They ate at the table and Dawn chatted away while Alberta added a comment now and again to keep up her end of the conversation. Then they washed up the few dishes in the pan of hot water that Dawn had left heating on the stove. Tired after a long day in the saddle, they retired early, each clad in their long johns. Hardly romantic wear! Alberta thought, but somehow Dawn manages to look cute in anything.

They lay for a minute on opposite sides of the bed. Then Alberta reached out a long arm and scooped a willing Dawn to her side. "That's better," she said, and the two drifted off to sleep.


Alberta stood under a massive pine and looked up into the swaying branches. "Some banking system!" she snorted in disgust.

"Well, we didn't have much! Just what we made on the trap lines or guiding. And we are fifty kilometers from the nearest road. Your spread is the closest to us and you are about forty kilometers out of Swan Hills. For us the town was a five day trip. We just didn't go very often."

"So how did Mike learn to fly?" Alberta asked, as she tried to figure the best way to get into the tree.

"Mike left to work in Swan Hills after a few years up here. He got a job at the local air strip and one thing just led to the other, I guess. One day, about two years later, this small plane landed in the lake about a half mile from here and it was Mike coming home. I'd have been about Mackenzie's age then. I was glad to see him back because I'd had to go with Uncle Joe to check the lines while Mike was away. It was really hard snow-shoeing for kilometers through the bush."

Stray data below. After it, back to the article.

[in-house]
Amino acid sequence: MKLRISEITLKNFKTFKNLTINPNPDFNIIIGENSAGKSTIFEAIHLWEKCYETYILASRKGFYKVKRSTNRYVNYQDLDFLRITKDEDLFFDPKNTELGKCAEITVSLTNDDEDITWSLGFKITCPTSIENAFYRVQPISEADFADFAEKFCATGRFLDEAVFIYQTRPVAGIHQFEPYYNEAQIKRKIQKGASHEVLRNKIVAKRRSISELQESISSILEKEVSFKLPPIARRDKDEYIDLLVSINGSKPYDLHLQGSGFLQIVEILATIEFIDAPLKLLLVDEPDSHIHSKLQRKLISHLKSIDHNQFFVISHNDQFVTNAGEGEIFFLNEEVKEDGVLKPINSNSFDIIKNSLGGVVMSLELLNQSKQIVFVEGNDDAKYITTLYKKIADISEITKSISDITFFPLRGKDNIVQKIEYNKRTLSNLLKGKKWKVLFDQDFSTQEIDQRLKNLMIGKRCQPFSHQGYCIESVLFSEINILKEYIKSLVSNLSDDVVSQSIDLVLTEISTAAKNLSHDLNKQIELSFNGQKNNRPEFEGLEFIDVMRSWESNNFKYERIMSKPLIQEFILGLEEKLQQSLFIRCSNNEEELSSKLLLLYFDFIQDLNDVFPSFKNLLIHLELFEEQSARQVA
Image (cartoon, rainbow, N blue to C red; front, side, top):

So in only two years Mike was able to pay for flying lessons and buy a plane. All from a job working around an air strip. Something is not right here. "How did Trapper feel about Mike going away and learning to be a bush pilot?" the police officer in Alberta asked.

"Oh, he thought it was a great idea! He kind of gave Mike the idea. He said it would make it easier to get in and out of the area," smiled Dawn.

Alberta frowned. Why would a guy who wanted to live the simple life need a plane? Still, inconsistency in thought was a very human trait. Alberta let that train of thought go and went back to concentrating on the tree. "I think if I swing up into this branch I can climb up from branch to branch along this side. The branches seem very evenly spread. Your Uncle must have been part monkey."

"He was pretty wiry. You want me to try? I'm a good climber."

Albert looked down at Dawn. One eyebrow arched up in disbelief. "You are also half the size of a regular human being. You'll never reach the branches!"

"Hey! I'm not that short! I come up to your shoulder!" Alberta laughed and Dawn poked her playfully. Then with a short run, Alberta jumped, grabbed hold of a lower branch and swung up into the tree. "The hollow is about half way up," called Dawn from below.